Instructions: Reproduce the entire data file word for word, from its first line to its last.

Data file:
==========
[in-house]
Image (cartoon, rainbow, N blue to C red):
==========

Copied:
[in-house]
Image (cartoon, rainbow, N blue to C red):